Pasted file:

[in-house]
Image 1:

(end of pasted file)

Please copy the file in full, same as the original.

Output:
[in-house]
Image 1: